Ten Different Types of Innovation (cont.) 3

A. Configuration (focus on the innermost workings of an enterprise and its business systems -  3rd of 4 types)

3. Structure (focus on how you organise and align your organisational talent and assets)

The following tactics may be useful:

- superior talent management systems, like HR, R&D, IT, etc

- standardising assets (reducing operating costs and complexity plus increasing connectivity and modularity by standardising the assets; using ingenious configurations of heavy capital equipment)

- setting up training facilities, like corporate university, etc (provide job-specific or company-specific staff training)

- competencies centre (cluster resources, practices and expertise in these centres that support functions across the organisation to increase efficiency and effectiveness)

- decentralised management (devolve decision-making governance closer to the people or business interfaces)

- incentive systems (offer financial and/or non-financial rewards to provide motivation for a particular course of action & encourage staff to focus on certain goals)

- IT integration (integrate technology resources and application)

- knowledge management (share relevant information internally to reduce duplication and improve job performance)

- organisational design (make form follow function and online infrastructure with core qualities & business processes)

- outsourcing (assign to a vendor responsibility for developing and/or maintaining a system), etc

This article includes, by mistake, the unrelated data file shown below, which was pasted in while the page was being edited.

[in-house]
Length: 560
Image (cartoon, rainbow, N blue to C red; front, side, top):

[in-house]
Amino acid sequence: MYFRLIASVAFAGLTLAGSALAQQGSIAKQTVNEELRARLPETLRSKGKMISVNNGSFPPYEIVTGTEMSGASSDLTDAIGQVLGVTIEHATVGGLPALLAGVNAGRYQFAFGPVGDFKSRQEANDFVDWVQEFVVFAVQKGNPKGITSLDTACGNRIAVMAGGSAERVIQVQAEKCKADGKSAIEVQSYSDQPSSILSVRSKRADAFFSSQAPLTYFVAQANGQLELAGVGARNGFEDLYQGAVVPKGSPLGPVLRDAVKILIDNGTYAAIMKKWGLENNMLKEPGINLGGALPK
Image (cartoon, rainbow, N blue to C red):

NB The above tactics can be used individually or in combination.

Indicators of success are when the organisation

- has a unique or unusual organisational structure

- attracts top talent in a particular field or function like marketing, research, etc

- uses its hard assets differently from competitors like unusual standardisation or diversity of machines or other equipment.

Some examples include

- Whole Foods Market (starting in the 1980s it has radically decentralised management, with each store composed of self-directed teams that

"...manage departments with unusual autonomy - making decisions about what products to stock and how to display them. Importantly, each team also makes decisions about who to hire; joining a team requires 2/3 of its current members' approval. Each store is measured as an independent line on its profit and loss statement, and each team within the store has very clear performance targets..."

Larry Keeley et al, 2013)

There is a free flow of detailed information within the organisation, ie members in each department know how they and other departments are performing.

- WL Gore (starting in 1958, used a flat lattice organisational model, ie

"...internal teams are deliberately kept small to encourage input and innovation from all, activities are managed by 'commitments' rather than dictates. Each employee becomes a shareholder after one year..."

Larry Keeley et al, 2013)

- Southwest Airlines (initially they only flew one kind of aircraft, ie Boeing 737. This

"...reduced service costs, streamlined operations, and allowed teams to execute fast turnarounds at the airport gates..."

Larry Keeley et al, 2013)

Airlines only make money when the planes are in the air carrying passengers.

- Trinity Health (its hospitals and clinics use standardised and highly integrated IT infrastructure which allows easy access to patient data and serves the basis of other programs including

"...data-driven initiatives to improve quality of care, and tele-medicine to serve patients in rural clinics..."

Larry Keeley et al, 2013)

NB need to differentiate between structural and process innovations, ie structural innovation refers to how you organise your talent and assets; while process innovation is around how the assets have actually been used in practice

 

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